China says it landed its first experimental reusable spacecraft after a two-day flight
In its continued effort to catch up with the United States, China announced on Sunday it has successfully launched and landed an experimental reusable spacecraft. Lauded the achievement as an “important breakthrough,” China state-run Xinhua news agency said the spacecraft was launched on a Long March-2F rocket from the Jiuquan launch center located in Inner Mongolia on Friday.
The spacecraft spent two days in orbit and returned to the scheduled landing site on Sunday, Xinhua said. The launch was shrouded in secrecy and said to be more secretive than the US Air Force’s X-37B, which has already completed a handful of missions.
Xinhua said the development of reusable spacecraft that could provide a cheaper, more convenient solution for the “peaceful use of space.” In other words, it might lower the costs of delivering payloads into space and allow for quicker turnaround times. Reusable spacecraft is seen as a way of reducing the cost of space travel.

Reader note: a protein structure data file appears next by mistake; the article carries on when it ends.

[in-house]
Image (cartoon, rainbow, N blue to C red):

This launch is similar to another breakthrough by a Chinese private space startup Linkspace after it completed its third vertical takeoff and landing (VTVL) rocket test in September 2019. It was part of the company’s effort in its development of a recyclable orbital rocket in Septemeber 2019. The rocket reached a new height of 300 meters before landing steadily and accurately at the designated area.
Last year, China also became the first country to land a spacecraft on the so-called dark side of the moon. Just 3 months ago, China completed its Beidou satellite system which is seen as a rival to the U.S. government-owned Global Positioning System (GPS). And in July, China launched its first solo mission to Mars.